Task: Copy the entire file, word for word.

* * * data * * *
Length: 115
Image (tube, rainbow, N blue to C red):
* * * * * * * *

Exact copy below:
Length: 115
Image (tube, rainbow, N blue to C red):